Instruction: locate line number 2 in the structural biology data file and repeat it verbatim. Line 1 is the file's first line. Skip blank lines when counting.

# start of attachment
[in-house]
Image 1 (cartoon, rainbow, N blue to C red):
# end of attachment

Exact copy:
Image 1 (cartoon, rainbow, N blue to C red):